Although some of the old businesses remain, there are many new businesses opening up in this changing neighborhood. Fayyad Abdallah, owner of Alliance Poultry Farms, noticed a significant change in the demographics of the community, especially in the last five years. "It used to be all Latino and now there are many urban professionals. New buildings and condominiums are popping up. Before, people moved to the suburbs and worked downtown. Then they thought, why don't we buy buildings, fix them up and live near downtown."
Many businesses welcome the changes on Chicago Avenue. "You see a lot more foot traffic. Young couples have gone into some of the rehabbed buildings. I think it's been a positive change. The only downside is obviously the economy, which has forced some people out of their homes. It would be nice to have some of the independence stay in the area -- they serve a purpose," Kozyckyj said.
And there are numerous small businesses taking interest. There is an avant garde salon, a pie shop and an indie record label. Will these new businesses propel Chicago Avenue to the next "hip" 'hood status? Maybe. Maybe not. Instead of the whole old-versus-new argument, there may be a way to fuse the neighborhood without depleting it of what makes it so special. If the changes occurred slowly, then maybe the original vibe of the hood could still be intact. Sure, it won't be seamless, but it may work.
According to Kevin Kerr, owner of Rotofugi Designer Toy Store & Gallery, "Chicago is a city of neighborhoods and there's a constant change, but it's painful to see neighborhoods change so fast that real estate prices go up. People that are in the neighborhood can't afford to stay there anymore. That said, this neighborhood was gentrified a long time ago. I mean, I can't afford to buy a home in this neighborhood, but I can't afford to buy a home in a lot of neighborhoods. That's not necessarily a great thing for me to watch. I like that fact that it is slowly improving. Gentrification for a lot of these neighborhoods is inevitable. I'd like to see it happen kinda slowly, in moderation -- see the neighborhood get interesting without destroying what was originally good about it."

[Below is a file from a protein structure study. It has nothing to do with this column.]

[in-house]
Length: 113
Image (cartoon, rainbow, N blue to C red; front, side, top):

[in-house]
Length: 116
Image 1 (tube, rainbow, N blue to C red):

Jenn Frank, a sales clerk at Rotofugi, chimed in by saying, "Isn't it always the same story? It always starts out a rough and tumble neighborhood. Starving artists always move in. Then slightly less starving artists move in and then the bar and the boutique wants to move in next to the hip, hip artist enclave. Pretty soon, it's just boutiques and the artists move out because they can't afford it anymore." Indeed.
The pulse of the old community was linked to the old theaters, department stores and restaurants. The Alvin is for sale. What a great little place this could be if it were resuscitated, if small businesses opened in all of the empty storefronts, in the storefront that will be vacant in the coming weeks when Rotofugi moves to its new location in Lincoln Park. And don't get them wrong, it's not because they don't love the area, but because they need more space.
"We didn't look to move, we looked for a bigger space. We looked for locations that were off the beaten path," says Kerr. "When we moved here, we were pretty off the beaten path. We still are. I think this neighborhood is slowly crawling towards gentrification, but maybe in the right way." Everybody knows change is inevitable, but it may be possible to beautify the neighborhood without a massive displacement of its current residents.
This is a great spot for families, new stores, galleries, restaurants and entertainment and everybody should have a chance to live here. "Are we happy because the neighborhood is changing? Yes, because it means new customers for us," Alcala said. Kerr loved the area from the beginning. "I think it's the right mix of bohemian, lots of artists and young families. It was the right fit for us. I like that the neighborhood is diverse. It's kinda like Mayberry."
Now, if only Mayberry and Michigan Avenue would get married, the fusion would be complete.
This feature is supported in part by a Community News Matters grant from The Chicago Community Trust and the John S. and James L. Knight Foundation. More information here.